I started this blog about 6-8 weeks ago at the encouragement of my wife. For most of my life I have wanted to be a writer, but work, responsibilities, and fear of failure intercepted my dreams on a regular basis. This venue, though, allows me to write regularly and begin the discipline that I have so long excused away.

As you know, I named my blog “Living in the Tent.” The idea was to write entries that highlighted how to live in dependency upon God in the various areas of our lives. I believe that like the ancient Israelites, we are to be a people who dependently follow God as He guides us through the nomadic adventure we call life. Some of this I hoped to explain in my first post Before I Begin.

From the start I have focused my entries on two primary areas: Inspirational and Relational. I am a marriage therapist by profession, and a seminary graduate, so I felt these would be safe areas to write about. However, in perusing some of my past articles, I have realized that I may have failed this blog in two primary ways.

First, I have spoken with an air of authority on many issues and have given the impression of expertise. While it is true that I have been a practicing Licensed Professional Counselor for almost 20 years and an avid student of Scripture for over 30 years, it is important to point out that I am a curious novice, just like you. Life is a maze of paradoxes, begging to be explained. As such, I am willing to share my understanding of the best course through this maze, providing guidance (and hopefully wisdom) along the way. But I am not a leader. I am just the person standing beside you, telling you about my experience and understanding of the maze.

Second, I realize that my entries have been somewhat imbalanced. I have focused on the “in the tent” part more than on the “living” part. Life is more than just successfully relating with the people around us, though that is a big part of it, and if I am going to be faithful to the intent of this blog, living must be covered in its myriad expressions .

But before any of this can be begun, a few questions must be answered (this is the group participation part, if you choose):

1) When is life most exciting?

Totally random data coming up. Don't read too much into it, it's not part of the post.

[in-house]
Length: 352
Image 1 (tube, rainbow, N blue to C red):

2) When is life  most challenging?
3) When is life most rewarding?
4) Am I existing or am I truly living?

To be honest, this last question has been the most troubling of the four for me over the past month. At 45 years old I am entering that stage of life that Erik Erikson labeled Generativity vs. Stagnation. In other words, I am beginning to evaluate my contribution to the world and the legacy I am leaving for those who walk behind me. My mortality has been unusually present to me lately, and I am beginning to wonder if I am wasting my life or am I truly living? This question began to pester me about a month ago after an adventure-filled vacation in Colorado, but I am not naive enough to think that living must be saturated with adrenaline filled experiences or bucket list items. I realize that work must be done. Bills must be paid. And children must be prepared to live their lives successfully in the adult world. But through all of this, how am I avoiding becoming stagnant? What am I doing with my life? What are you? What is it that transforms life into living?

To me, the worst part about life is the monotony, not because it is repetitive, but because the repetitiveness is being spilled out for something that is designed to waste time. Don’t get me wrong, there is nothing wrong with watching a little TV or surfing the internet, but bingeing on Netflix for an entire season of my favorite show is almost as bad as realizing that I ignored my family in the process and finished off the last brownie, half a pack of Oreos, and a bag of popcorn. I am not anti-entertainment. I am simply realizing that I have lived 4 1/2 decades and I have, at best, 3 1/2 left. The proverbial sands in the hourglass are moving quicker than I desire and things that waste my time should have no place in my life. The question is how do I change a lifetime of ignoring my legacy? What options are available to me? After all, one’s legacy is not something that he achieves; it is something that he creates along the way. And unless we are carefully choosing to spill out our lives for something grander than our careers, our pleasures, or our selves, we will find that what we have created looks a lot like that warped, green, clay “duck” we made Mom in 1st grade.

This is not to say that I have lost hope. Nor am I suicidal. But if I am to have a blog about dependent living upon God, both of an inspirational and a relational nature, then we must discuss what does it mean to live?

How do you avoid becoming stagnant?

What is it that you pour out your time on?

Where is your life most exciting? Most challenging? Most rewarding? And when you step back and truly evaluate, are you existing or are you truly living?


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